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Publication numberUS5361158 A
Publication typeGrant
Application numberUS 08/063,808
Publication dateNov 1, 1994
Filing dateMay 20, 1993
Priority dateSep 14, 1992
Fee statusPaid
Publication number063808, 08063808, US 5361158 A, US 5361158A, US-A-5361158, US5361158 A, US5361158A
InventorsHong Tang
Original AssigneeAt&T Global Information Solutions (Fka Ncr Corporation)
Export CitationBiBTeX, EndNote, RefMan
External Links: USPTO, USPTO Assignment, Espacenet
Multiple source optical scanner
US 5361158 A
Abstract
A multiple source optical scanner which employs a plurality of scanning light sources to increase the total depth of field and the density of the overall scan pattern. In a first embodiment, the lasers are of different wavelengths and all on. Their individual depths of field are oriented end-to-end or in overlapping fashion. In a second embodiment, the lasers are of the same wavelength and are activated individually in sequence. Both embodiments employ collimating and focusing optics to produce scanning beams, collecting optics to collect light reflected from an article having a bar code label, and processing circuitry for generating signals having information about the articles based upon the intensities of the reflected light. The first embodiment additionally employs filter optics to separate the individual wavelengths of reflected light. Each wavelength of reflected light is processed through its own channel within the processing circuitry. The second embodiment employs modulation and control circuitry to turn each source on and off. A single channel is used for decoding.
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Claims(5)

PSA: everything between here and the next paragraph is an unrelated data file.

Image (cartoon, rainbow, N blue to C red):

What is claimed is:
1. An optical scanner comprising:
a plurality of scanning light sources;
means for focusing and collimating the light from each light source into a beam, each beam having a characteristic depth of field;
means for directing the light beams along a predetermined direction;
means for collecting light reflected from an article having a bar code label to be scanned;
a motor-driven mirrored spinner for reflecting each beam into a plurality of directions and for directing light reflected from the article to the collecting means;
modulation means for selectively turning one light source on at a time including sensor means for sensing the orientation of the mirrored spinner, and switching means for coupling one of the laser sources to a power source and decoupling all the others from the power source at the same time for a predetermined position of the mirrored spinner; and
means for converting the reflected light into electrical signals, having information about the items, based upon the intensity of the reflected light.
2. The optical scanner as recited in claim 1, further comprising a plurality of pattern mirrors for reflecting each beam from the spinner to form a scan pattern and to reflect light from the article to the spinner.
3. A method for scanning an article having a bar code label comprising the steps of:
providing a plurality of scanning light sources which produce scanning beams, each beam having a characteristic depth of field different from any other beam;
selectively producing one scanning beam at a time, including the substeps of sensing the position of a mirrored spinner, and switching on one source of scanning light while switching off the other sources of scanning light for predetermined positions of the mirrored spinner; and
directing each scanning beam towards the mirrored spinner.
4. The method as recited in claim 3, further comprising the steps of
collecting light reflected from the article; and
converting the reflected light to electrical signals, having information about the items, based upon the intensity of the reflected light.
5. The method as recited in claim 3, wherein the step of providing comprises the substeps of:
providing a plurality of laser diodes which produce light at the same wavelength; and
focusing and collimating the light from each laser diode at a unique depth of field to produce the scanning beams.
Description

This is a division, of application Ser. No. 07/944,576, filed Sept. 14, 1992.

BACKGROUND OF THE INVENTION

The present invention relates to optical scanners and more specifically to a multiple source optical scanner.

Optical scanners are well known for their usefulness in retail checkout and inventory control. Optical scanners generally employ a single laser source, the light from which is collimated and focused to produce a scanning beam. They may additionally employ a mirrored spinner to direct the beam against a plurality of stationary mirrors, and a detector to collect the beam after it is reflected by a bar code label. The pattern produced by such a scanner is characterized by lines oriented at various angles to one another.